Formation of ethnic minority youth cultures
Cohen suggested that gangs and cultures were formed by young males who lacked social status. This is status frustration. The antisocial behaviour is a direct attempt to gain status within the gang in response to lack of status in society. Clarke (1976) described early skinhead subcultures as violent, aggressive, racist and homphobic. They committed unpleasent hate crimes such as 'queer-bashing' or '****-bashing'. Hall (1978) stated that Black young people were being presented as a menace to society and as muggers in the popular press.
The CCCS claimed a more complex process was taking place. Immigrant subcultures have to develop behaviours and a culture than have meaning and symbolism which are different to those existing. Hebdige said that youth cultures developed as a form of resistance to dominant ideology and mainstream capitalist culture. Black street culture in the 1960s was a response to the problems of racism, discrimination and unemployment.
Wright (1986) found that young Black people were often placed in lower sets in school, they became bored and disrupted. Gillborn (1990) found that Black children were treated differently and penalised more harshly by teachers. Mac an Ghaill found Black and Asian students rejected school but not education. Sewell (1997) found that Black street stlye brought students into conflict with teachers who didn't understand it.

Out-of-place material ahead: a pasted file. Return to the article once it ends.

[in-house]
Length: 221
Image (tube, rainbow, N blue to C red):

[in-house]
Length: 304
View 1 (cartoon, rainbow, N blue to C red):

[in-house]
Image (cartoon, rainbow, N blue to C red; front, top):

Influence of Black street style on white youths
1950s Jamaican music had a range of interesting rhythms and styles. This was popular with the mods and later the skinheads. White bands incorporated these rhythms into punk, developing Two Tone. As Black music forms were adopted by the white dominant music business young Black people moved on to new youth styles. In 1980s ragga emerged as a new musical genre for Black youth; a throbbing form of electronic music. The clubs became the basis of early drum and bass sounds. Black street culture was again being repackaged, commercialised and sold to white youths as 'cool'.
Ethnicity and gender
Black feminists have pointed out that females may experience sexism or a rigid gender divide within the family and then a dual challenge of sexism and racism in wider society. In SE Asian families, decision making will generally rest with the males of the family. This means that young women may be understudied because of the complicating factors when conducting research. Most research has taken place in schools.
Safia Mirza found that Black girls resisted racism by succeeding in school. Mac an Ghaill found that 'Black sisters' succeeded by forming positive peer groups which supported each other in order to resist the labelling in which they faced. The wearing of the hijab or other traditional clothing can be seen as reflecting a rejection of the maisntream culture of Western societies.